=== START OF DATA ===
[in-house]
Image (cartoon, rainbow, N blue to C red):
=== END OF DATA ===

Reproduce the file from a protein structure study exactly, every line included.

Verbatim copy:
[in-house]
Image (cartoon, rainbow, N blue to C red):